elementReady: a jQuery plugin

Tuesday, 14 August 2007

Please see waitFor, the updated version of elementReady.

I have written a simple but useful jQuery plugin. elementReady calls a function during page load as soon as a specific element is available — even before the full DOM is loaded. It’s useful if you have unobtrusive JavaScript that you want to apply to particular page elements immediately, without having to wait for the whole DOM to load in a large page.

Using the elementReady plugin is very similar to the existing jQuery.ready() function, except that you must also pass in a string representing the ID of the element that should have the function call attached.

This version of the plugin works well for me in testing (and on this page), but it has not been exhaustively tested. I would appreciate your comments on the idea and the implementation.


Get jquery.elementReady.js from the Github project.

Get the latest version from the elementReady jQuery plugin page. Get jquery.elementReady.js here. Then read on for instructions and details.

Documentation for jQuery.elementReady()

$.elementReady( String id, Function fn ) returns jQuery

While a page is loading, call a given callback function as soon as a specific
element is loaded into the DOM, even before the full DOM has been loaded.
Executes the function within the context of the element. This means that when
the passed-in function is executed, the ‘this’ keyword points to the specific
DOM element.

The function returns ‘this’, so you can chain multiple calls to
elementReady(). (Not that there’s much benefit in doing that.)

One argument is passed to the callback: a reference to the jQuery function.
You can name this argument $ and therefore use the $ alias even in
noConflict mode.

If the element has not been found by the time the DOM is fully loaded, then
the function will not be called.


Change the source of a specific image as soon as it is loaded into the
DOM (before the whole DOM is loaded).

$.elementReady('powerpic', function(){
    this.src = 'powered-by-jquery.png';


If you want to have the jQuery object instead of the regular DOM
element, use the $(this) function.

$.elementReady('header', function(){


Chain multiple calls to $.elementReady().

$.elementReady('first',  function(){ $(this).fancify(); })
 .elementReady('second', function(){ $(this).fancify(); });


Use the ‘$’ alias within your callback, even in noConflict mode.

jQuery.elementReady('header', function($){


Change the polling interval to 100ms. This only works if $.elementReady() has not yet been called.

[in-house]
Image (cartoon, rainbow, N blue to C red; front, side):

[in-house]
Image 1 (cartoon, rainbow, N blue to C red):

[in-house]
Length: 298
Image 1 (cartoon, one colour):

$.elementReady.interval_ms = 100;


I asked about this feature on the jQuery development list, and to my surprise nobody had made much of an effort to do this. jQuery author John Resig has some magic code that makes this happen automatically(!), but including this “auto” feature in the core would complicate things unnecessarily. He suggested that a plugin should be written. So here it is.

Implementation notes

The jQuery.elementReady() function is interesting because it’s quite unlike most other jQuery methods. It’s not a method applied to a normal jQuery object; it can’t be, because a jQuery object is normally constructed from a DOM element (or list of DOM elements). But in this case, all we have is the ID of an element: the element itself does not yet exist.

When the function is called, the matched element is passed to the callback function as a raw DOM element rather than a jQuery object. This is consistent with other event handlers, and is also the most efficient approach.

The function returns the global jQuery object, so you can chain calls to elementReady().

My implementation is inspired by the Yahoo UI library’s onAvailable(), but is simpler (and, to be sure, less well-tested). YUI also includes a related method called onContentReady(), which is supposed to fire when the element and all its content is available. I have not implemented that feature yet, but I think I may end up doing so in elementReady(). This will make it more robust yet still dead simple to use.

I thought about somehow overloading the original ready() function but thought that would just add complexity for no real benefit.

Things to do

This is an early version of the plugin. I’m afraid I have tested it only on Windows browsers, but I have had no problems with it yet. The main thing to do is to test it more thoroughly. As I mentioned above, I also might decide to modify the function to check that the entire contents of the target element are loaded, not just the element itself.

Have your say

Apparently blog posts get x% more comments if the last heading says “Have your say”. So have your say! Is this useful? How can it be improved?

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